As an executive coach, I have numerous opportunities to assist my clients facing life and work transitions, career shifts, entrepreneurship, and retirement, among others.
Aside from these changes and economic challenges, people face the painful process of losing the core of their identity. Overnight, they cease being the CEO, CFO, Vice President, or General Manager. Shortly after, they find out that notwithstanding the many years of being recognized as such, they have lost their prestigious position and their identity.
As with all losses, it is tough to let go of the attachment, in this case, to their persona. Despite its high demands in time and effort, the status quo has also brought a sense of value, security, and status.
How many times have we heard the phrase “you are not what you do”? It is difficult to accept that premise in the world we live in, where high productivity and achievement are considered the epitome of success. Here, we are defined by what we do in response to our belief in doing more and producing more equals to being more.
Most successful people love their work; I do too. We all acknowledge that there is a fascinating mix of pleasurable feelings when the potential of success seduces us. For some, this behavior is so embedded that they find it difficult to savor pleasure in leisure moments without subconsciously experiencing guilt. The need to be connected to work 24/7 allows us to justify conduct that was not common a few years ago, such as dedicating hours to work on a family vacation or having a conference call while attending a dinner party.
When someone loses his job, he tries to reconnect as soon as possible with a position that will offer a similar or better identity. Frequently, people accept positions to fill the uncertainty rather than decide for a good fit with their interests.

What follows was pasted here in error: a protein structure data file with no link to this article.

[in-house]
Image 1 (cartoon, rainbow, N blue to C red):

Others need to forge a new identity and engage in a long and arduous process that requires courage and determination.
Then, inevitable question arrives, “What is my new identity? How could I define myself now?” Probably the right question to ask ought to be, “What is my true identity?”
It will start emerging when you start examining with an open heart your other human dimensions that are not part of your professional facet. What are the things that bring you joy, what do you enjoy doing and sharing, what are your passions, where do you focus your energy? It’s a process of discovering, understanding, and connecting with your authentic self.
What would happen if the search for our true identity were a continual quest in our lives and not a timely hunt in a state of fear and discouragement?
Let’s contemplate how we can start reevaluating the importance of the identity that our work requires from us.
Rather than placing our career at the center of our lives, we should give it the right spot among all that is meaningful to us. Wrapping our identity only with what we do will leave us empty-handed when our job ends, or our profession comes to a halt.